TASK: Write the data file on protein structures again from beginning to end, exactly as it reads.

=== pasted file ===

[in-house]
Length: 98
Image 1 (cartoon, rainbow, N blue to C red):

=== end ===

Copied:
[in-house]
Length: 98
Image 1 (cartoon, rainbow, N blue to C red):